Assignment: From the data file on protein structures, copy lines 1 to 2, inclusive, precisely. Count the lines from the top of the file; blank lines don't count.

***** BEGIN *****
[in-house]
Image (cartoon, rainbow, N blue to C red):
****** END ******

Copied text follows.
[in-house]
Image (cartoon, rainbow, N blue to C red):